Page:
Staring Deeply Into the Cosmic Abyss
On the insignificance of the aggregate of our human accomplishments … and why we will not make contact with another species of intelligent life…
This might be considered my hypothesis for the Fermi Paradox solution.
They (any other non-human intelligent life) might receive our messages, but once they see who we are and what we consider accomplishment, they will scoff at our attempt at existence.
They will likely be harsh critics of our stewardship of this planet, its resources, and our willingness to literally kill one another in the interest of man-made false constructs.
Remember, if they had the technology to travel to our planet … they will be more evolved as a civilization. Not necessarily in a good way, but look at where we are now, and we haven’t figured out 75% of what we have to yet.
Because there is more to interstellar travel than just the technology required doing it, but I digress.
These intelligent beings aren’t coming (yet), and they won’t be making contact with our species.
This brings us to the overriding question for this essay…
Why would an alien species ever decide (or even want) to make contact with us?
I’m going to attempt to answer that question in this essay.
On a cosmic timescale, we are an infant species, and so far we are acting like children when measured on that same timescale.
We still kill each other over resources, race, fear, etc… all on a speck of pale blue dust in a stream of light from the Sun.
(Think along the lines of some of our “neo-conservative” political ideas).
We’re willing to scare each other with media, terrorism, religion etc… so that certain groups of us feel more (not necessarily “are” more) elite than others. Worse, we lie to each other about events like 09/11 etc… (which did not happen as was reported in the mainstream media).
We try to out-compete, dominate, surveil, etc… each other … in fear that another group of us might try to do the same to us.
We’re insecure, narcissistic, some are sociopathic, and some in positions of power are pathologically insane (along the lines of ponerology).
It’s pathetic if you devote even a few minutes of thought to it.
So, why would any species of higher intelligence and more advanced in technology want to visit what they might view as a group of screaming hairless apes that act in this manner towards each other?
(Even if select groups act out in terrible and tragic ways).
And some of us even think that for some reason we are special, that the Universe was somehow created “for us.”
Another ridiculous thought if you invest even a few minutes to it. We’ve explored maybe 4% of it over centuries of exploration.
That leaves 96% (or so) in a space of billions and billions of planets and stars where some other form of intelligence (farther advanced than us) could exist.
But harsh criticisms of Homo sapiens aside … there are (of course) moments in our short history of ~ 400,000 years where our species has demonstrated its enormous potential to evolve past all of these downfalls:
We’ve made tremendous technological advances, compared to the fact that no other animal on this planet is capable of doing so.
When a major disaster strikes, we connect with each other and support one another across racial, cultural, and political boundaries. I always (and certainly an intelligent species will) wonder why it takes such events to connect us.
We have enormous capacity for empathy (at times).
We have enormous capacity for adaptability, once circumstances demand it.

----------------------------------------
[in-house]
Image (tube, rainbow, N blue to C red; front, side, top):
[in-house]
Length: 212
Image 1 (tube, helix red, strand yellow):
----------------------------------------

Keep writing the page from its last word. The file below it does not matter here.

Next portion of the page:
I could go on and on about our accomplishments as a species, and in fact you could add millions of people, inventions, philosophies, etc… to the list.
But it wouldn’t matter.
For an advanced species with more advanced technologies, all of our accomplishments would be lumped together to be “expected.” They would be deemed “basic.”
Just because we don’t think so, doesn’t mean another species has to give them the same respect.
And they likely won’t.
An advanced species would have moved past the need for “accomplishment” … for “competition” … for power and domination.
We assume with our rather limited (in the big picture) scientific knowledge that all species would evolve like us … like WE are somehow the standard to be measured against.
I’m challenging that idea.
Yes, genetically that might be how an intelligent species starts.
But we assume that we are the standard because it takes 4 billion (or so) years for a planet like ours to produce a species like ours.
What if another planet didn’t progress like ours?
What if it only took 1 billion years, under different conditions perhaps, for those conditions to evolve a species like ours?
And, what if the resulting species didn’t end up “like” us? What if they followed a different historic progression without the need for war, excessive resource exploitation, domination etc…?
I’m almost sure that we (as a whole species) can’t imagine that scenario.
We are too anthropocentric for that.
We think (generally) that our species is so advanced because of our mental capacity (we tend to set some of our mental psychopathy aside).
Because we haven’t evolved past the need to dominate, past the need to separate ourselves into “classes” and segregate ourselves because of our races.
Yes, we have progressed … we have advanced … we have evolved…
The problem is, we give ourselves too much credit just how far we have done so.
And that is why we will likely keep staring into the Cosmic Abyss, even if from a different planet in the distant future, wondering “Where is everybody?”
If you were them (the more advanced, more intelligent, farther evolved species) … would you want to engage with us (in our current state)?
I truly hope, deep down, that eventually we will be able to answer that question with a resounding YES.